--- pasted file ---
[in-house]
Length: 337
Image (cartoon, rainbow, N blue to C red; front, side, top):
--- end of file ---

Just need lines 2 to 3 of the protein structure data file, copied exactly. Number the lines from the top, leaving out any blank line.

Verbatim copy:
Length: 337
Image (cartoon, rainbow, N blue to C red; front, side, top):